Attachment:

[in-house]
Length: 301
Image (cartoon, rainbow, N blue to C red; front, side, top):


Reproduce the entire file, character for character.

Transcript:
[in-house]
Length: 301
Image (cartoon, rainbow, N blue to C red; front, side, top):